By TAZUKO GOTO/ Staff Writer
May 3, 2021 at 08:00 JST
ASO, Kumamoto Prefecture--Despite pleas from residents for restoration work, a municipal highway nicknamed the “Laputa Road” for its scenic beauty remains marred by quake damage from five years ago.
National and prefectural roads have been steadily restored since the Kumamoto Earthquakes rocked parts of Kyushu in April 2016.
But no repair work is in sight for the Kario highway, which is administered by the Aso city government in the eastern part of Kumamoto Prefecture.
The 5.7-kilometer road climbs the slope of the Aso caldera rim in the west of the city.
City government officials and local residents said a central government organ in the 1960s built the road for stockbreeding purposes.
Residents at the base of the caldera wall have used the road to travel to and from their cattle pastureland on top of the caldera wall.
Now run by the municipal government, the highway became known as a “road in the sky” because sharp bends along a ridge can jut out above a sea of clouds.
Tourists also coined it the “Laputa Road” after the floating castle in “Laputa: Castle in the Sky,” a 1986 animated movie by Hayao Miyazaki.
A large bus would occasionally stop nearby, and tourists would sometimes walk along the road, thereby hindering passage of farm vehicles.
The city government was planning to build a parking lot and a promenade there, the sources said.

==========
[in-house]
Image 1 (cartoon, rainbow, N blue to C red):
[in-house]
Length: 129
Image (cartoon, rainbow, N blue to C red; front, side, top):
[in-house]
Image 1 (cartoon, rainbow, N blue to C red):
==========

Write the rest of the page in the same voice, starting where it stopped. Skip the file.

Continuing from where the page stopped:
According to the city government, a post-quake survey spotted damage at 31 locations along the road, and the cost of restoration was estimated at about 10 billion yen ($92 million).
Repairs would impose a heavy financial burden on local communities even if the project received central government subsidies in the name of post-disaster rebuilding work.
The city government has given up on restoration work by a standard approach.
The city assembly adopted a written opinion seeking assistance from the central government for work to repair the road at the request of citizens, who submitted a petition with more than 6,000 signatures in September.
Before the quakes, cattle breeders could reach their pasturelands in only 15 minutes, but they now have to make a detour, which takes them 50 minutes, said Toshimi Nakagawa, the 72-year-old union head of a ranch that spreads on top of the caldera rim.
“That makes me anxious when, for example, I am transporting newborn calves and their mothers,” said Nakagawa, who raises the Japanese Brown cattle breed, a local specialty.
Residents also used the highway to burn fields in areas around the caldera rim to maintain meadows there.
In the Aso area, National Route 57, partially disrupted by the quakes, was restored along two routes in October last year. A new Aso Ohashi bridge opened for traffic in March this year, replacing a collapsed one, along National Route 325.
“The national roads should naturally be the first restored, so I am happy about their restoration, but things will not be back to the pre-quake state unless the Kario highway has also been restored,” Nakagawa said.
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